Connecting with Teens
I’ll admit right up front that working with teens has never been my strong suit. I’ve always found it difficult to relate to them. I chalk it up to the fact that I never really went through that “teen angst” phase of life, never really had a rebellious phase - I actually got along with my parents most of the time. So, when I worked as a counselor, I always struggled to find the right things to say to teens and to make a connection with them.
I think that is why I have such a deep appreciation for those that have a gift for working with young people. I’ve been thinking about this a bit lately, as we are recognizing Teen Dating Violence Awareness Month. I know several people who have dedicated years of their life to working with teens. But the one person that I respect the most is my mother.
About 7 years ago, my mom recognized that there were several “tween” girls attending her church, but the church lacked programs and groups for them. Now, many people might go to the church leaders and suggest they do something about it. Not my mom. My mom decided to start a weekly group with these young girls in her home. For several years, my mom and her friend took these young girls, many of whom were struggling at home and school, under their wings - holding a weekly group, having sleepovers, and hosting movie and craft nights. That quickly branched out to my mom attending the girls’ sporting events, offering them rides to school events, and generally just being a positive presence in the lives of these girls. Was it always easy? No. Did they try my mom’s patience? Absolutely. But what has developed out of all of that is this: over the years, my mom has created an open space and developed a trusting relationship with these girls. This has allowed them to come to her and talk about anything and everything, from relationship issues to major life decisions (5 out of the 7 girls will soon be heading to college). I’m constantly amazed and inspired by my mom. She has shown me the importance of being involved in the life of a young person. And I know that each one of them will treasure the relationships that have been cultivated for years to come.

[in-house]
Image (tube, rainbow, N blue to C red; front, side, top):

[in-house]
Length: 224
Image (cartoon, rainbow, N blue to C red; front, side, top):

If each community, church, or school had a handful of people willing to get involved in a child’s life, think about the positive things that would come of that. There are many programs, both local and national (Big Brothers/Big Sisters and Boys & Girls Clubs, just to name a few), that are in desperate need of volunteers. Stop It Now! offers great information about creating safe spaces for kids in youth serving organizations.
We know that having positive, healthy relationships with trusted adults is one of the many protective factors that are important in preventing violence in the lives of young people. So, how are you making a difference in the life of a teen? Share your story with us by commenting below.